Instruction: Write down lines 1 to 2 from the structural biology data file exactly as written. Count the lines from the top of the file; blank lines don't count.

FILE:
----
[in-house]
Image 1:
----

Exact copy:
[in-house]
Image 1: